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An Index for Capital Tax Competition
International Tax and Public Finance , 16(6), December 2009, pp. 727-752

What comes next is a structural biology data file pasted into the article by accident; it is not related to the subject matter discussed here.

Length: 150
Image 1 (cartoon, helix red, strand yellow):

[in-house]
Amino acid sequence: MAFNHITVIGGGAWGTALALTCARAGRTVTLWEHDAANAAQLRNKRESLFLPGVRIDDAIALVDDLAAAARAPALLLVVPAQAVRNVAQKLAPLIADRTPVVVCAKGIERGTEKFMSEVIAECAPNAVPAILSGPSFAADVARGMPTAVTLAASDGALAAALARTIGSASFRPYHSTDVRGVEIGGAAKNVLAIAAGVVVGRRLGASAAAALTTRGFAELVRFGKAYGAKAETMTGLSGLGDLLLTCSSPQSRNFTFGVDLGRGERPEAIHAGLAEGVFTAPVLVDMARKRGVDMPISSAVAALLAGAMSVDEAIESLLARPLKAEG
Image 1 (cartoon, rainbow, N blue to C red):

Abstract: If very specific assumptions are made about the production technology (output per worker is a quadratic function of the capital/labor ratio), people's preferences (identical within any jurisdiction; linear in private good consumption and in public expenditure per capita), and capital supply (fixed), then equilibrium tax rates can be derived in closed form when jurisdictions choose their source-based tax rates on capital noncooperatively. The focus of this paper is how the size distribution of the population of the different jurisdictions affects equilibrium tax rates. It is shown that the (population-weighted) average tax rate is determined by a (relatively) simple index, which must increase as the population distribution becomes more concentrated. The effects of tax harmonization by some subset of the jurisdictions can then be analyzed. Any tax harmonization by a group of jurisdictions must benefit residents of all jurisdictions not in the group. It must also benefit residents of the largest jurisdiction in the group, and must increase the average payoff of all residents of the group of jurisdictions doing the harmonizing.
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